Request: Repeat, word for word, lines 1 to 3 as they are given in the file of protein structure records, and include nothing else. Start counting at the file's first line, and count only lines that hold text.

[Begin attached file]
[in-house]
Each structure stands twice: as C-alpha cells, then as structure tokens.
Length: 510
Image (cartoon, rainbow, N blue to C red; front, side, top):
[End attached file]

[in-house]
Each structure stands twice: as C-alpha cells, then as structure tokens.
Length: 510